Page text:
Harmless and beneficial bacteria far outnumber harmful varieties. Because they are capable of producing so many enzymes necessary for the building up and breaking down of organic compounds, bacteria are employed extensively by humans-for soil enrichment with leguminous crops, for preservation by pickling, for fermentation (as in the manufacture of alcoholic beverages, vinegar, and certain cheeses), for decomposition of organic wastes (in septic tanks, in some sewage disposal plants, and in agriculture for soil enrichment) and toxic wastes, and for many other specialized processes.
Bacterial parasites that cause disease are called pathogens. Animal diseases caused by bacteria include tuberculosis, cholera, syphilis, typhoid fever, and tetanus. Among bacterial plant diseases that affect sprouts are Erwinia Carotovora and Pseudomonas Fluorescents.
Some bacteria attack the tissues directly; others produce poisonous substances called toxins. Natural defense against harmful bacteria is provided by antibodies. Certain bacterial diseases, e.g., tetanus, can be prevented by injection of antitoxin or of serum containing antibodies against specific bacterial antigens; immunity to some can be induced by vaccination; and certain specific bacterial parasites are killed by antibiotics.
New strains of more virulent bacterial pathogens, many of them resistant to antibiotics, have emerged in recent years. Many believe this to be due to the overuse of antibiotics, both in prescriptions for minor, self-limiting ailments and as growth enhancers in livestock; such overuse increases the likelihood of bacterial mutations. For example, a variant of the normally harmless Escherichia coli has caused serious illness and death in victims of food poisoning.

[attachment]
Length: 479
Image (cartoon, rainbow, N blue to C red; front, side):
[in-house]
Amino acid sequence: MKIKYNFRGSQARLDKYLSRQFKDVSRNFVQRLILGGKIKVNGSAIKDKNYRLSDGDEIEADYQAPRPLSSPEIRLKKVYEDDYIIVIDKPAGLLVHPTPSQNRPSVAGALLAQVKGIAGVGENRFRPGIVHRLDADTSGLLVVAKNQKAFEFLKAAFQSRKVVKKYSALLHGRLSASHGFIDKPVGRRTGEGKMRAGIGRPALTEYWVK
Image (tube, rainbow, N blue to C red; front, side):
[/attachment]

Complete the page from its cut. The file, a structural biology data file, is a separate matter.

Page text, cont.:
Sprouts and Foodborne Illness
An estimated 76 million cases of foodborne diseaseoccur each year in the United States. The great majority of these cases are mildand cause symptoms for only a day or two. Some cases are more serious, andthe U.S. Centers for Disease Control estimates that there are 325,000 hospitalizations and 5,000 deaths relatedto foodborne diseases each year. The most severe cases tend to occur inthe very old, the very young, those who have an illness already that reducestheir immune system function, and in healthy people exposed to a very high doseof an organism.
All produce, including sprouts, can become contaminatedwith foodborne pathogens. Nearly all of the sprout related outbreaks havebeen traced back to pathogens in the seed which can multiply over 1,000,000 foldwhen given the ideal growing conditions provided by the process ofsprouting. This can be enough hospitalize or be fatal to even the healthiest ofpeople.
Microbiological surveys have shown the presence of avariety of foodborne pathogens in sprouts. Salmonella, Listeria monocytogenes,Staphylococcus aureus, Bacilluscereus and Aeromonas hydrophila have been isolated from sproutedseeds, including alfalfa, mung bean, cress, soybean, and mustard (Beuchat,1996). Escherichia coli O157, various serotypes of Salmonella, andBacillus cereus have been the causative agents of documented outbreaks offoodborne illness associated with sprouts (Jackson, 1998).
Other pathogens that been identified as being apotential source of increased risk due to their ability to proliferate duringsprouting include Yersinia enterocolitica and Shigella.
Commercial sprout growers recognize their specialresponsibility in protecting the public and have become the most well informed,responsible members of the produce industry.